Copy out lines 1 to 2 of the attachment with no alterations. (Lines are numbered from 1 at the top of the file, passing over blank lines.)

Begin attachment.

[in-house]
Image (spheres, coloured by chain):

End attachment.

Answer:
[in-house]
Image (spheres, coloured by chain):